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Newz Forum: OLYMPICS: US Men's and Women's lightweight boats eliminated

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posted on Aug, 19 2004 @ 09:08 AM
The American lightweight double sculls tandem of Steve Tucker and Greg Ruckman have their own way of doing things, and it got them in more trouble than they could get out of Thursday.

The pair came out of their methodically paced start in the back of the pack as they often have, but gave up too much distance to their rivals in the six-boat semifinal field to stage a comeback. The pair finished fourth behind Poland, Greece and Denmark, one spot and 3.6 seconds out of contention for Sunday's final.

"We didn't quite have the base speed through the middle that we've seen,'' Tucker said, noting that his boat was about a second per 500 meters slower than usual. "I'm not exactly sure why we didn't have that extra speed.''

Meanwhile, the U.S. quadruple scull, which got to the semifinals with an impressive win in its repechage -- or second-chance race -- saw its medal hopes evaporate despite a solid start. They were third after the first quarter of the 2,000-meter race, but faded to fifth at 1,000 meters and remained there.

"All of us really felt we did everything we could during the race,'' said quad oarsman Kent Smack of Boston.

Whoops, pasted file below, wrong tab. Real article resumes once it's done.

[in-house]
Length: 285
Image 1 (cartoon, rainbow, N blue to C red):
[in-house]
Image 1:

But the rowers couldn't reel back in Belarus and Estonia, boats they had beaten in the past.
The U.S. lightweight double sculls boat of Lisa Schlenker and Stacey Borgman also was eliminated from the finals, finishing fourth, .73 of a second behind Germany, despite a blitz to the finish line.

The lightweight four, which includes coach Mike Teti's younger brother, Paul, rowed a competitive race but fell to last at the finish, 4 seconds behind Canada, the third and final boat to advance from that race behind Italy and Austria.

In rowing, nearly every crew breaks off the starting line in an all-out sprint for about 25 strokes before settling into a pace -- a somewhat counterintuitive approach to an endurance sport.

The rationale is that with rowers facing the stern, it's easier to control the race and develop a strategy when the rest of the field is in view.

Tucker, an MIT graduate in physics, and Ruckman, of Harvard, have sought to break the mold with a steadier pace. They won a World Cup last year and were considered medal contenders in Athens.

"I thought the start was fine ... we weren't out of it,'' Tucker said. "We needed to be creeping back on the field through the middle thousand (meters) of the race. We were working awfully hard to make up a little time through the middle, but then when it came to the end we didn't have enough to push ahead of the Danes.''

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